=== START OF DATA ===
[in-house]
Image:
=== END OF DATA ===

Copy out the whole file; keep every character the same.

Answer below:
[in-house]
Image: